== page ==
Fwiz Explains the Challenge YouTube Faces to Grow Esports Live Event Viewership Against Twitch - Dexerto

Fwiz Explains the Challenge YouTube Faces to Grow Esports Live Event Viewership Against Twitch

Published: 29/May/2018 14:07 Updated: 13/Oct/2020 16:04

by Calum Patterson


As a former esports caster and host, now head of YouTube Gaming, Ryan “Fwiz” Wyatt is perhaps the most well suited individual to lead YouTube in its quest to increase its share of the esports broadcasting pie.

However, as Fwiz himself explains, the head start which Amazon owned Twitch has on YouTube is major hurdle for them, as well as balancing the risk and reward dilemma of challenging Twitch’s dominance in the esports space.

Appearing on a recent episode the ‘Esports Salon’ podcast, hosted by popular CS:GO analyst and self-proclaimed ‘esports historian’ Duncan “Thorin” Shields, Fwiz broke down exactly the challenges facing YouTube.

YouTube Gaming has been a wholly successful venture so far, tying in with YouTube’s live streaming capabilities (similarities with Twitch are clear with loyalty badges for ‘sponsors’ and ability to donate to streamers, as well as filters by game), but it is yet to topple their rival.

While YouTube has plenty top streamers who can attract thousands of viewers regularly, what they are perhaps missing out on is the hardened esports audience, over which Twitch holds somewhat of a monopoly.

“Twitch has a very unique model, where they are a live-native platform and live-first, and they’re just trying to grow their unique user base. They kind of groomed and started esports.

The difficulty for us is, we are so big on how many unique users we have watching gaming content on YouTube, that you’ve got to be able to justify doing licensing deals, if they are going to add incremental users to the platform.”

What Fwiz is referring to here as ‘licensing deals’ is attaining rights to broadcast live esports events, which YouTube has done more frequently over recent years, particularly in CS:GO with the ESL Pro League.

Fwiz explains that he and the YouTube team are doubtful as to whether these exclusive licensing deals for esports events actually bolsters the “unique user base”, or are they simply forcing viewers to, temporarily, watch the content elsewhere from the norm (Twitch).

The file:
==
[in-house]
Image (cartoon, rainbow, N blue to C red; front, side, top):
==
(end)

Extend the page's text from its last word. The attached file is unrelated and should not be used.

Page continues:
“The case is still out on: if you license this content – any content for that matter – and bring it over exclusively to YouTube, are you actually increasing the unique user base, or are you just displacing what they’re watching?”

YouTube does however hold a dominance – where Twitch dominates live esports events, YouTube’s domain is the VOD content such as match highlights and event vlogs, or as Fwiz calls it “ancillary human interest content.”

“If you are just displacing them from watching human interest pieces to just watching the live stream, it is really hard to rationalize the investment in licensing.”

Update – Since posting this article, Fwiz has clarified that his points relate mainly to the growth of esports as a genre, and believes the popularity of gaming content on YouTube already can be a vehicle for this.

You can watch the full episode of Esports Salon below, with Fwiz’s discussion of YouTube and live esports content beginning at around the 7:00 minute mark.


Real Madrid footballer Casemiro launches esports team CaseEsports

Published: 29/Oct/2020 21:32 Updated: 29/Oct/2020 21:39

by Adam Fitch


Real Madrid and Brazil football star Casemiro has announced the launch of his own esports team, CaseEsports.

The defensive midfielder’s team will initially compete in Counter-Strike: Global Offensive, debuting in the qualifier for DreamHack Masters Winter on November 3.

The decision to start a team, according to the org’s official website, was birthed from Casemiro’s “enthusiasm, desire to enjoy and passion for this game” – speaking specifically of Counter-Strike.

The organisation will provide a team of sports professionals to enhance the performance of their players. They plan to “lead the European esports scene” through “effort, perseverance and teamwork.”

CaseEsports land1n
CaseEsports will be hoping for land1n to make an instant impact.

The all-Brazilian roster that has been assembled includes former paiN Gaming and Tempo Storm players Denis “⁠dzt⁠” Fischer and Paulo “⁠land1n⁠” Felipe, former FURIA Academy duo Yan “⁠yepz⁠” Pedretti and Vinicius “⁠n1ssim⁠” Pereira, and former Imperial player Felipe “⁠delboNi⁠” Delboni.

CaseEsports has already secured the support of multiple sponsors, including peripherals brand HyperX, glasses retailer Hawkers, gaming chair brand Drift, and “fashion soccer” line BŮH.

“This team was created out of a hobby of mine that I really enjoy,” said Casemiro, according to HLTV. “I wanted to take it to a professional level, and just like in my career, I want them to be the best. I know that creating a new team and winning titles will take time and require a lot of work, but I hope that the players and the fans will really enjoy this project.”

Athletes starting their own esports teams is not a new trend by any means.

In the last few months alone, David Beckham launched Guild Esports, Manchester City star Sergio Aguero founded KRU Esports, and Pittsburgh Steelers wide receiver JuJu Smith-Schuster started Team Diverge.